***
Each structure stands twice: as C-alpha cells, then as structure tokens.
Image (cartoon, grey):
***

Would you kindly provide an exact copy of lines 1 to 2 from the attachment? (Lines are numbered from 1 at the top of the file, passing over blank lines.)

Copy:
Each structure stands twice: as C-alpha cells, then as structure tokens.
Image (cartoon, grey):